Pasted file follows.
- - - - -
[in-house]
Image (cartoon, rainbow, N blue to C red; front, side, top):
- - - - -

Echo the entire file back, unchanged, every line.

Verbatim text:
[in-house]
Image (cartoon, rainbow, N blue to C red; front, side, top):